Mini RC Helicopter Becomes Even Smaller Submarine

We often think of submarines as fairly complex pieces of machinery, and for good reason. Keeping the electronics watertight can naturally be quite difficult, and maintaining neutral buoyancy while traveling underwater is a considerable engineering challenge. But it turns out that if you’re willing to skip out on those fairly key elements of submarine design, the whole thing suddenly becomes a lot easier. Big surprise, right?

That’s precisely how [Peter Sripol] approached his latest project, which he’s claiming is the world’s smallest remote control submarine. We’re not qualified to say if that’s true or not, but we were certainly interested in seeing how he built the diminutive submersible. Thanks to the fact that it started life as one of those cheap infrared helicopters, it’s actually a fairly approachable project if you’re looking to make one yourself.

The larger prototype version is also very cool.

After testing that the IR communication would actually work as expected underwater, [Peter] liberated the motors and electronics from the helicopter. The motor’s wires were shortened, and the receiver PCB got a slathering of epoxy to try and keep the worst of the water out, but otherwise they were unmodified.

If you’re wondering how the ballast system works, there isn’t one. The 3D printed body angles the motors slightly downwards, so when the submarine is moving forward it’s also being pulled deeper into the water. There aren’t any control surfaces either, differential thrust between the two motors is used to turn left and right. This doesn’t make for a particularly nimble craft, but in the video after the break it certainly looks like they’re having fun with it.

Looking for a slightly more complex 3D printed submersible vehicle? Don’t worry, we’ve got you covered.

[Thanks to Blaubär for the tip.]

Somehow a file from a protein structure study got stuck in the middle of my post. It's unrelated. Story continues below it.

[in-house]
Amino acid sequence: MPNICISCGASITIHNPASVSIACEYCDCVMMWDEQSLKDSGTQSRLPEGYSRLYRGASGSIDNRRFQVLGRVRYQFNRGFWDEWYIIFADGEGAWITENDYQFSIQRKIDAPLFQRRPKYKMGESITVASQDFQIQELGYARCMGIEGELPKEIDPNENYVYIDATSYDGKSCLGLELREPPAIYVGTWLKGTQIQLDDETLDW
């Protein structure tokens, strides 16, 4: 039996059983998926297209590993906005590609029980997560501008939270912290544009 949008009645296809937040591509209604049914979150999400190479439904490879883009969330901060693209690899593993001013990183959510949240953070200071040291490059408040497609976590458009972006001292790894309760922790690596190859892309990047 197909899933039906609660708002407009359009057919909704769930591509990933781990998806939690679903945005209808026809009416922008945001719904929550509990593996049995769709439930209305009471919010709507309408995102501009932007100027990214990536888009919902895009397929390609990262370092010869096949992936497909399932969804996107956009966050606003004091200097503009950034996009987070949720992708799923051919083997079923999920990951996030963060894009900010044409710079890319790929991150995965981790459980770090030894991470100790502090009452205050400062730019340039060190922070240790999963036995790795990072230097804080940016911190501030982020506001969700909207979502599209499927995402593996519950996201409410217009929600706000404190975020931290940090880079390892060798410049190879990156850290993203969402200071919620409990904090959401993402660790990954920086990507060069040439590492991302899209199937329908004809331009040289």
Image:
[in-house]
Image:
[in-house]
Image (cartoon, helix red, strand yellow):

8 thoughts on “Mini RC Helicopter Becomes Even Smaller Submarine

  1. Two channels is plenty to control a submarine.

    Example: if you create a virtual ground at half the battery voltage (small op-amp + resistors), then the motor output channel will always drive each motor backwards or forwards at half the voltage because the output is either positive or negative compared to the virtual ground. Then you modify the IR transmitter to send alternating data frames where both channels are on and off equal amounts of time. Changing the pattern lets you control both motors backwards and forwards with a speed proportional to the duty cycle.

  2. There are non-conductive oils. If you fill the electronics compartment with oil and only allow a small hole at the bottom to equalize pressure you don’t have to otherwise try to protect the conductive electronics.

    1. Does work too well in your saltwater aquariums of course…

      Actually used to be a trick for “running in” electric motors for slot cars or RC buggies, dunk it in the bath while applying full power.

  3. Fresh water fish sensitive to chemicals. Tropicals more so. Likely to have some floaters other than sub. May take several days for contamination to take effect. Possible a week or two. Exposure from big toy sub likely the biggest exposure to toxicity.
    Relatively no control. Props made for different environment. Lots of energy lost in cavitation. Motors way too fast. Best to keep submerged. Little motors fairly resilent if kept submersed but will fail. Saltwater another issue.
    Like the first proto more. Many reasons to dump original IR ASIC and roll your own MCU.
    Resin prints fragile.
    More expensive less fragile photo reactives available. Developing(pun) tech.

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